|Exploring Edison - Life At 1.8V|
|Written by Harry Fairhead|
|Monday, 04 January 2016|
Page 3 of 3
The biggest problem in converting from 1.8V to 3.3 or 5V is when you need to work with a bi-directional bus.
There are, roughly speaking, three types of bi-directional bus - wire or, wire and and tristate.
The most commonly encountered is a wire or or open collector bus. This is used for I2C and many other one wire serial buses. The key idea is that the bus line is connected to a voltage reference via a resistor, generally a pull up resistor. This allows any device connected to the bus to ground it and so pull the bus line down. If more than one device pulls the bus down then no harm is done. However the bus line only pulls up when all of the connected devices
In the diagram above each of the switches represents a device connected to the bus. In practice the switches would be an active device such as a BJT or an FET but the principle is the same. You can see that closing any one of the switches grounds the pull up resistor which places the bus in low state.
If you need to connect a 3.3V or 5V open collector bus to a 1.8V Edison input then you can make use of an chip designed to do the job but in many cases a simple classic single transistor level shifter can do the job. For conversion to 3.3V you will often see an FET used but for the low voltage involved in a 1.8V conversion a BJT does the job very well.
This assumes that the output line is in pull up or open collector mode. The default for the mini-breakout board is pull up using a 50K resistor. The circuits described work in this mode.
In practice R2 can be anywhere from 1K to 5K and R3 anywhere from 5K to 10K depending on what is being driven. Notice that this assumes that the GPIO pin is in open collector mode with an external pull up resistor.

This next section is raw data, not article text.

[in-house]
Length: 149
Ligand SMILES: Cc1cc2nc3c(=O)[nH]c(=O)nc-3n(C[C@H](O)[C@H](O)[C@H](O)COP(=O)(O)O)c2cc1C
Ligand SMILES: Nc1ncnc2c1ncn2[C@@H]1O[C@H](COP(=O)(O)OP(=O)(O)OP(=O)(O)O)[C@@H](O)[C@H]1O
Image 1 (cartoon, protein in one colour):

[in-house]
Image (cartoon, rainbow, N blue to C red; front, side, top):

To understand how this works we have to consider what happens when each side of the bus is pulled low.
If the 1.8V logic input is pulled low then the emitter of the transistor is grounded and as the base is at 1.8V the transistor switches on and saturates so pulling the 3.3 logic bus down.
The more difficult situation is when the 3.3V logic linput is pulled low. In this case the collector is grounded and the base being at 1.8V [its tje tranistor into reverse active mode i.e. with collector and emittor swapping roles. In this mode the transistor is still a current amplifier but with a much reduced gain (hfe). Given sufficent drive current however the transistor will still saturate and hence pull the 1.8V logic side of the bus low.
The reason for the capacitor is that as the transistor changes operational mode there is a charge storage effect which causes the voltage to suddenly drop. An effect you can see clearly:
The blue trace is the 3.3V input signal and the green trace is the 1.8V output. In practice the undershoot can cause the Edison to detect two pulses in place of one.
With a small capacitance in place the effect is reduced:
Notice that as in the case of the single transistor non-inverting buffer the big problem is that there is no current amplification. When the Edision pulls the bus low it has to sink the current through R1, R2 and R3. and the same is true on the 3.3V side. In this case the total current is less than 1.5mA.
The circuit works just as well at 5V with a slighly higher current.
You might expect the Edison's side of the bus needs to be driven with an open collector i.e. with its own pull up which is the default mode.
In fact it doesn't make any difference as the Edison is the only device driving the 1.8V logic input. You can use an active high/active low drive as long as the Edison is the only device driving the bus and then the line is changed to an input to read the response from the responding device. If the output line drives the bus both high and low then a problem only arrises when the slave attempts to drive the bus in the opposite direction. In most cases the slave doesn't attempt to drive the bus at the same time as the master and so the type of drive is irrelevant as long as the line reverts to input as soon as a slave starts transmitting data. However it takes time to convert an output line to an input and this is sometimes an additional problem.
Converting other types of bus are more difficult but follow the same general idea.
You can build the circuit using a prototyping board or you can built it in-situ on the device you need to convert. Something like:
where the device in question is connected to the three wires at the top of the diagram. This is used in the next two chapters to interface bidirectional pull up buses.
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|Last Updated ( Wednesday, 11 May 2016 )|